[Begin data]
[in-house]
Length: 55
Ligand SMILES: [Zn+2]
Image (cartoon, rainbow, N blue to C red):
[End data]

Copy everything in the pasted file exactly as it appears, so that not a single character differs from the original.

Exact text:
[in-house]
Length: 55
Ligand SMILES: [Zn+2]
Image (cartoon, rainbow, N blue to C red):